[dropcap style=”font-size:100px; color:#992211;”]A[/dropcap] strong album from a respected musician that solidifies a reputation, if never quite eclipsing earlier glories.
One of the longer titled releases from Justin Broadrick, Every Day I Get Closer to the Light from Which I Came begins with a strong if basic distorted guitar premise on ‘Homesick’ that conjures the musical and emotional wasteland of downtempo Helmet and 90s indie of that ilk.
Machinelike drums hammer out a driving tattoo while a pointillist single string melody is eked out above all. It’s nice enough and the production feels tight, however the song never really seems to go anywhere.
‘Comforter’ is one of the great Jesu compositions with layered samples and choral background vocals pushing the composition into noisy plateaus. As with most of Jesu, the specific subject matter never comes into focus. However, the emotional tone of yearning, doubt, and promise is immediate, recognisable and passionate. The soft verse, hard chorus, drift and then elevated hard chorus kinda mirrors the emotional journey that Broadrick is spelling out, so it works.
The challenge for Broadrick is how to use his recognisable style with other emotional subjects when they don’t map so easily to what might be thought of as his template.
The Great Leveller
‘The Great Leveller’ is undoubtedly the title track of the album regardless of what the album is actually called. Coming in at seventeen and a half minutes, it’s epic. Starting with a hesitating piano figure and with strings, drums and guitars being introduced slowly, there is more than a little (coincidental) resemblance to the opening of ‘Handbags and Gladrags’, before we’re brought into a chugging section of music that will satisfy heavy bangers but came across muddy and unrefined through this reviewer’s speakers. However, given the breadth and sweep of the track it’s an emotional movement rather than a defining statement.
On atmosphere alone ‘The Great Leveller’ ranks highly and the middle horn and strings section (around ten minutes in) are a real and definite success and it’s leading into the final stretch where it really gets going. In the mind’s Fantasy Band we can see Broadrick and Mark Kozelek working together (Kozelek released Jesu’s previous album Ascension) to nuance a shared perspective and to create the uber-melancholy symphony that ‘The Great Leveller’ alludes to.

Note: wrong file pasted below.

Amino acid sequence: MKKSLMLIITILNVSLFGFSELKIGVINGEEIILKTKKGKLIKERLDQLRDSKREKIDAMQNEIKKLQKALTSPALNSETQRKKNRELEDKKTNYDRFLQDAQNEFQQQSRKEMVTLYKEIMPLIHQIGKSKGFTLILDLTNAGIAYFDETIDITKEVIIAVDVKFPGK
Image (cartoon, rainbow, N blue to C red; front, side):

With traces of Kozelek’s epic songs like ‘Void and Gentle Moon’, from nine minutes on, we’re in hugely satisfying musical territory that feels like Kozelek is right there in the room cheering Broadrick on. Associations aside, ‘The Great Leveller’ is a high watershed moment for Jesu, and fans will hear a clear reference to what we must consider the right way forward for the band.
The band, of course, being Broadrick isolating his preoccupation with indie melancholia from his other musical forays.
Is the success of ‘The Great Leveller’ enough to elevate this release? More of an EP with filler than an album, so arguably not. On the whole, Every Day… owes much to Kevin Shields without capturing the central attitude and pouting posture that made My Bloody Valentine so much fun.
Jesu has always been Broadrick’s ode to denouement but with ‘The Great Leveller’ and ‘Comforter’ standing out as new and true musical developments, we can see the old template (i.e. the other tracks on the album) showing signs of fatigue. This is one to buy the individual tracks from iTunes rather than shell out for the Vinyl (which, when directed, you MUST do).
Recommended with caveats.
Editor, founder, fan.